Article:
seemed to him a scatter of gleaming sand, cast across the sky by a careless

hand. No meaning, no design, any more than there was meaning or design in the cracked cobblestones underfoot.

The street slanted up, toward the Academie. Taking advantage of the bright moonlight, students sat out on their balconies, some reading, some drinking in groups, some playing cards or smoking patoun, a mix of dried herbs and leaves, which filled the air with a sweet incense. Tea shops and pubs were open and doing a roaring business.

He had reached Chancellor Street. It curved upward, curling around the

base of Poet’s Hill. The sign for the Lafont Bookshop, gilt painted on wood, swung overhead. Across the street was a tall, narrow building, paint peeling off the sides. Balconies of wrought iron held a medley of weather-worn

tables and chairs, while potted plants balanced on sills trailed green fringe down the building’s façade. A sign in an upper window depicted a stylized quill pen, the symbol of the Academie. Definitely a student lodging house, then.

Kel dashed across the street and tried the front door. It swung open with a light touch, giving onto a tiny entryway and a perilously steep staircase, very nearly a ladder. The place smelled of stew and of something Kel

recognized—a sharp, green scent, like the one that had hovered on Merren’s clothes at the Caravel.

Kel took the stairs two at a time, past several small landings, before arriving at a lopsided door. Here, the scent of freshly cut plants was stronger than ever.

Kel elbowed the door open. The lock was weak and broke immediately, nearly spilling him into the flat beyond. It was a small space: a single main room divided up into various areas by their use—a corner with a washbasin and curved, claw-foot bathtub; another with a small brick-and-tile oven and a collection of cooking pots hanging on the wall. Flowers and leaves were scattered across a table whose paint had largely peeled off; beside them sat a large glass phial, carefully stoppered, full of pale-blue liquid.

Wooden shutters gave onto a wrought-iron balcony, where an impressive collection of various plants grew in clay pots balanced precariously on the metal railing. A mattress on the floor was the only bed, its colorful velvet blanket the sole concession to luxury or comfort.

At first glance, Merren Asper seemed nowhere to be found. But the room was warm, almost hot—Kel glanced at the oven, in which a fire burned

merrily. A copper pot balanced on top of the stove held a dreadful-looking soup of cut greens and water, which gave off the aromatic steam that scented the place.

Aha. Kel kicked the front door shut behind him. “Merren Asper!” he called. “I know you’re here. Show yourself, or I’ll start throwing your furniture out the window.”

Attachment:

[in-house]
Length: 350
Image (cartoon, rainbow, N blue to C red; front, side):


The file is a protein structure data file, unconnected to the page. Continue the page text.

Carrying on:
A blond head peeked around a bookcase. Merren Asper opened his blue eyes wide and said, “Er. Hello?”

Kel began to advance on him menacingly. And he had been taught menace by Jolivet, who was a master of the form.

Merren backed away, and Kel followed him. It was not much of a distance. Merren’s back hit the far wall, and he glanced around as if seeking a means of escape. There wasn’t one, so he tried for insouciance. “Well, anyway,” Merren said, waving a hand airily, “how did you, ah, find me?

Not that I mind . . .

Insouciance did not impress Kel. It was Conor’s go-to when Jolivet or Mayesh was angry with him, and generally meant he knew he was in the wrong.

Kel glared. “You told me where you lived, idiot,” he said. “I thought of going to the Caravel to ask your sister how I could find you, then I remembered that I asked you your address and you’d given it, and it was unlikely you’d lied since we’d both drunk the same truth serum. Probably something you should have thought about, no?”

“Probably,” Merren said glumly. His eyes darted past Kel, toward the phial of blue liquid on the peeling table. He glanced away quickly, but Kel had already noted the gesture. “I thought you wouldn’t trust the wine if I didn’t drink it too, but I suppose I didn’t consider the consequences. I’m not very good at that sort of thing.” He waved a hand again, his fingers marked with old chemical burns. “You know: lying. Deceit.” He looked at Kel earnestly. “It wasn’t at all personal. Andreyen—that’s the Ragpicker King

—said you wouldn’t come to any harm. That he just wanted to offer you a job. And I thought you’d like working with him.”

Andreyen. It had never occurred to Kel that the Ragpicker King had a name. “So you were doing me a favor?”

“Yes!” Merren looked relieved. “I’m glad you understand.”

“I’ve been told I’m very understanding.” Kel picked up the glass vessel from the table. He held it up, examining the sky-blue liquid inside. “Not by anyone who knows me well, however.”

Merren darted forward to reach for the vessel. “Don’t drop that. It’s very important—”

“Oh, I plan to drop it,” Kel said, “unless you tell me what I want to know.

And I don’t advise lying. As we’ve covered, I know where you live.”

Merren looked indignant. “I don’t see how threats are ethically better than drugging someone with truth serum.”

“Perhaps not,” Kel said. “But I really don’t care that much about retaining the moral high ground.”

He strode over to the balcony, holding the vessel in his right hand.